9. Are Pangolins Dangerous

Pangolins are shy and harmless animals that aren't known for being aggressive in any way. They are mostly nocturnal and hide during the daytime only to feed in the night when they can avoid any trouble with bigger animals.

Pangolins are one of the animals that do not have teeth.

pangolin rolled up

While their claws are strong, they only use them for destroying termite mounds and climbing. Their only defence mechanism is to roll into a ball.

While rolling into a ball is helpful against other wildlife, this does, unfortunately, make it easy for human poachers.

10. Why Do Pangolins Have Scales?

Pagolins have Scales for protection from predators in the wilderness. The scales are essentially body armour that makes up about 20% of the pangolin's body weight.

In the face of danger, pangolins roll into a ball of scales that is impossible for predators like lions and hyenas to kill.

11. Why Are Pagolins Hunted?

Pangolins are hunted and killed for their meat and scales. In countries like China and Vietnam, Pangolin meat is a highly sought after delicacy while the scales are used in traditional medicine and remedies.

While Pagolins are protected by national and international laws everywhere, the underground illegal trade is massive and sadly thriving.

12. Are Pangolin Scales Medicine?

Pangolin scales are not medicine and there is no scientific evidence to back the claims made by folk medicine practitioners and quack doctors.

Pangolin scales are made up of keratin which is the same material in fingernails, hair and horns.
In the same way that Rhinocerous horns are made of keratin, Pangolin scales are made of the same keratin that makes up your hair and fingernails.

13. Are Pangolins Social?

Pangolins are not social animals and prefer to live a solitary life and only meet for mating purposes.

Mothers usually stay with their offspring until about 2 years when the young are sexually mature and gets abandoned by the mother.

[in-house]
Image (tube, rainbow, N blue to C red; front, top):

14. How Do Pangolins Reproduce

Pangolins often give birth to one offspring at a time after a gestation period of between 70 and 140 days. Pangolins in Asia can occasionally give birth to 2 or three offspring at the same time, but this isn't the norm.

Pangolins become sexually mature at around 2 years of age.

15. How Many Pangolins Are Left In The Wild

pangolin walking

There is no exact record or estimation of Pangolins left in the wild habitats. This is because Pangolins are shy solitary nocturnal animals that are hard to track for the purposes of research.

Since they don't live in groups, monitoring pangolins is a hard task.

16. Conservation Status

According to the International Union for the Conservation of Nature (IUCN), all the 8 pangolin species are facing a danger of extinction and therefore threatened.

Conservation research about pangolins is quite new but going by the number of pangolin scales seized on black markets around Asia, the assumption is that the populations are decreasing at a rapid rate.

It is estimated that more than 100,000 pangolins are trafficked to only China and Vietnam in one year.

1 Chinese pangolin Asia Critically Endangered Decreasing
2 Sunda pangolin Asia Critically Endangered Decreasing
3 Indian pangolin Asia Endangered Decreasing
4 Philippine pangolin Asia Critically Endangered Decreasing
5 Giant pangolin Africa Endangered Decreasing
6 Temminck's pangolin Africa Vulnerable Decreasing
7 Long-tailed pangolin Africa Vulnerable Decreasing
8 Tree pangolin Africa Endangered Decreasing

Final Thoughts

Pangolins are shy animals and like all shy animals, very interesting. With some adaptations of mammals and others that are common with reptiles, pangolins are great animals that need to be protected for the coming generations.

The illegal trade in wildlife products is a major problem for these animals and a big contributor to their decreasing populations. They are the most trafficked non-human animal and we hope that this article can help more people learn that the scales are just made up of simple keratin we all have in hair and fingernails.

We hope you learnt something and your voice will contribute towards the protection and conservation of weaker animals and their homes. 

Feel free to share this so that more people can learn about these shy scaly mammals.